Of course your goal may not be to make a medieval dish. You might be trying to avoid new-world ingredients, or experiment with new flavors. But then it wouldn't be a question of converting a modern dish into a medieval one. It'd be more one of incorporating aspects of medieval cuisine into a modern recipe.

So if you want to make a medieval recipe, then start with a medieval recipe. If you want to be creative in the kitchen and create a new recipe, go right ahead. You can even combine the two - but the results aren't necessarily medieval cuisine.

Monday, October 12, 2009

The Quiz

I'm on several email lists related to medieval history (surprising, huh?), which means that I end up reading a lot of different viewpoints and approaches towards medieval re-creation. Often simple questions explode into long, rambling discussions that border on religious wars. So I thought I'd put together a short quiz made up of carefully worded questions. In some ways the answers could reveal far more about the person answering than they would about medieval cuisine.

1. What process would you use for converting a modern recipe into a medieval one?

2. Why did medieval Europeans use a lot of spices in their cooking?

3. How did the primitive cooking equipment available in 15th century England affect the foods cooked?

4. How was the exorbitantly high cost of spices (e.g. saffron, pepper, ginger) reflected in their use in medieval England and France?

5. How was the primitive technology of the medieval period reflected in the quality of wheat flour, sugar, and salt?

6. To what degree have modern agricultural practices affected the size of poultry and eggs?

I'll give my own take on these in later posts.

Friday, October 9, 2009

More Medieval Catering

On October 1-3 the Ohio State University Center for Medieval and Renaissance Studies hosted the 2009 conference for the Committee on Centers and Regional Associations. Having worked with them before, they asked if I'd be interested in cooking a medieval luncheon for their Friday session. I, of course, said "Yes!"

So on Friday morning I got in the car (along with my assistants, Kristen Sullivan and Jennifer Marshal-Craig) and made the two hour drive up to Columbus. Then there was just enough time to unpack, finish what cooking needed to be done, and get the buffet set out. Much of the food was prepared ahead of time, and a good thing too as the lone oven and cooktop in the building could only charitably be described as a "food warmer".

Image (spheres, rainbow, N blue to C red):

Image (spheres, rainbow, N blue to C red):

Here's what we served:

The setup looked great, but I was too busy to get any photos before the guests ate. I know their photographer managed to take a couple pictures though, so I might be able to get copies from her.

On the whole, things went well. The yellow pepper sauce didn't thicken up quite right due to the lack of heat from the burners, but it still tasted good. The real surprise for me was the blancmanger. I'd pre-cooked the chicken and decided to cook the rice when we got there. Again, as fortune would have it, I had brought a roaster which was perfect for this dish. We put the rice in to cook early on, and then added the chicken, almond milk, and spices. I kept worrying about it because it just seemed too easy. No problems with it though - I think it's my new favorite recipe (to cook at least).

The chardewardon was a bit of a show-stealer. I had Kristen serve it in individual cups, topped with snowe and a mint leaf garnish. They looked so elegant (even though the cups were plastic), and the combination of pear custard and cream is hard to beat.

It was while cleaning up afterwards that I noticed almost all the plates were completely empty. A good sign, as people don't usually polish off foods they don't like. I mentioned this to Kristen and Jen, and they said they saw people going back for seconds. All in all, I'd say this was a success.

Thursday, October 1, 2009

Kalendarium Hortense - October

The Kalendarium Hortense was published by John Evelyn in 1683. It contains instructions for what a gardener should do throughout the year. The excerpt below is the section titled "Fruits in Prime, or yet lasting" for the month of October.

Belle-et-Bonne, William, Costard, Lording, Parsley-apples, Pearmain, Pear-apple, Honey meal, Apis, &c.

The Caw-pear (baking) Greenbutter-pear, Thorn-pear, Clove-pear, Roussel-pear, Lombart-pear, Russet-pear, Saffron-pear, and some of the former Month, Violet-pear, Petwort-pear, otherwise called the Winter Windsor.

Bullis, and divers of the September Plums and Grapes, Pines, Arbutus, &c.